JVC Professional Products Company, a division of JVC Americas Corp., just unveiled the GY-HMQ10, which they are calling "the world's first handheld 4K camcorder." The camera is based on JVC's Falconbrid large-scale integration (LSI) chip for high-speed signal processing and features a ½-inch CMOS imager with 8.3 million active pixels.
Edgar Shane, General Manager, Engineering at JVC Professional Products.
"We're particularly interested in 4K because we think it is the future for digital imaging," says Edgar Shane, General Manager, Engineering at JVC Professional Products. "Many industry experts agree that 4K is almost equivalent to the vision of the human eye. 1080P looks great, but we're still looking at gorgeous images. When you're looking at 4K, you're almost looking at reality."
The GY-HMQ10 delivers real-time 3840x2160 footage at 24p, 50p or 60p. Shane reports that the Falconbrid LSI processing takes raw image data from the CMOS imager and de-Bayers it in real time. The camera is also able to output 4K images to a monitor or projector in real-time with no latency.
"JVC has demonstrated 4K in prototype since NAB 2010," says Shane. "But before we showed live 4K cameras. This one is not only live but records on the same media as all JVC Professional camcorders do." The GY-HMQ10 records up to two hours of 4K video to SDHC or SDXC memory cards, using MPEG-4 technology and a variable bit rate H.264 codec that operates up to 144 Mbps. "The trick is that it records on four cards simultaneously," says Shane. "The amount of data is huge, so we need to have four cards running in parallel."
The GY-HMQ10's form factor is similar to JVC's GY-HM150 ProHD camcorder and includes a built-in F2.8 10x zoom lens with optical image stabilizer, a color viewfinder and a 3.5-inch touch LCD monitor with a new interface. Other features include manual level controls for audio, with audio metering in the LCD and viewfinder displays; a microphone holder and two balanced XLR connectors with phantom power on the handle; a built-in stereo mic for ambient sound pickup; JVC's Focus Assist and manual and auto control of focus, iris, gain, shutter, gamma, color matrix and white balance. Perhaps most surprising, the GY-HMQ10 will sell for a retail price of $4,995.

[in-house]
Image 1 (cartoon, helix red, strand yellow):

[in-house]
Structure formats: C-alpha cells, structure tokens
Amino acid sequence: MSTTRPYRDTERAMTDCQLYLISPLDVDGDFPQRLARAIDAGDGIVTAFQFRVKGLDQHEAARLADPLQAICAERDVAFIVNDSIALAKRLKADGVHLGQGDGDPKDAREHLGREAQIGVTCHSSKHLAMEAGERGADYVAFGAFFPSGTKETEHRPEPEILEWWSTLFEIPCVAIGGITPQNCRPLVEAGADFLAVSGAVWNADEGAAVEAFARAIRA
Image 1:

"We had the idea to bring in the equipment at an affordable price so people could experiment," says Shane. The idea has paid off, as many other sectors than traditional video have evinced interest in the camera. "We see interests from medical, industrial, government and surveillance," he says.
When it comes to the traditional video market, however, Shane notes that the camera is not aimed at the high-end market. "This camcorder isn't for those customers," he says. "But they did indicate to us that they're interested in using it for B roll, in places where it's impossible to fit a larger traditional camera."
Whereas the GY-HMQ10 has been shown under glass at the last NAB, at NAB 2012 it will be for sale. "This is part of a larger move at JVC to bring 4K technology to a wide range of customers," says Shane. What's up next? "We think the interchangeable lens and other special applications will be the natural progression of this technology," he says.
A 4K camcorder fits in the realm of the $100 2-terabyte hard drive: something that not too long ago seemed impossible is now actually on the market. JVC is making 4K technology to a market segment that could easily gravitate to it. It's another sign that 4K is indeed the future of resolution, from the high end on down. Is it the end of the struggle for ever-more resolution? That remains to be seen, as 4K is still making inroads. In any case, we'll all have our hands full in the next few years transforming the end-to-end workflow to 4K.
|Related Articles / Tutorials:|
NAB 2012: JVC